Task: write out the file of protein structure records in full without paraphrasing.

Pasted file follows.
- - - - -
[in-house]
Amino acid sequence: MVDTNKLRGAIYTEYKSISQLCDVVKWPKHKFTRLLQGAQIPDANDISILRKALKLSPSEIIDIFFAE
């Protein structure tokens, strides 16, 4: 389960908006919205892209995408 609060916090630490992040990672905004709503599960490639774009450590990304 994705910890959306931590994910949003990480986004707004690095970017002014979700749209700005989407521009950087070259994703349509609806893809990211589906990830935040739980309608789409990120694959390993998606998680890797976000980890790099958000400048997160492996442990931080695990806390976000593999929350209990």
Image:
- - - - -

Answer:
[in-house]
Amino acid sequence: MVDTNKLRGAIYTEYKSISQLCDVVKWPKHKFTRLLQGAQIPDANDISILRKALKLSPSEIIDIFFAE
């Protein structure tokens, strides 16, 4: 389960908006919205892209995408 609060916090630490992040990672905004709503599960490639774009450590990304 994705910890959306931590994910949003990480986004707004690095970017002014979700749209700005989407521009950087070259994703349509609806893809990211589906990830935040739980309608789409990120694959390993998606998680890797976000980890790099958000400048997160492996442990931080695990806390976000593999929350209990």
Image: